The Board of Directors then runs the company on behalf of all shareholders. The owners with the most shares have (in general) the most power, absolute power is given if one individual or group owns a 51% share.

EasyJet is a public limited company (plc), which means that it may invite the public to subscribe for shares, and therefore, is more suitable for investments by large numbers of people, which distinguishes it mainly from private companies. Shareholders are called investors and they invest their money by buying shares of the company because they are groups and individuals who have an interest in the company. The shareholders, who also run the business of a company benefit from the profits by obtaining dividends on the extent of their capital invested. EasyJets‘ stakeholders are its shareholders, employees, customers, business partners and the community. They all have a major influence on the business and therefore on its performance. Sir Stelios Haji-Ioannou who holds the interests of easyGroup Holdings Ltd. holds with £ 66,076,451 share capital the majority of shares. (Dine, 1994)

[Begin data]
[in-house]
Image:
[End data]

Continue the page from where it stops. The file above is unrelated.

2.3 The memorandum and articles of association

The constitution of the company contained in the memorandum and articles of association governs the liabilities and rights of shareholders.(Dine, 1994). Due to the Companies Act of 2006, companies are obliged to have a memorandum of association. Section 2 of the Companies Act requires the following content within any memorandum:

The company‘s proposed name;

whether the company‘s registered office is to be situated in England and Wales or in Scotland or in Northern Ireland;

wether the liability of the members of the company is to be limited, and if so whether it is to be limited by shares or by guarantee, and

wether the company is to be a private or a public company.

(opsi.gov.uk, 2009)

2.4 Corporate personality